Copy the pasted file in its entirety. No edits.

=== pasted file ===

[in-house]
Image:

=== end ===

[in-house]
Image: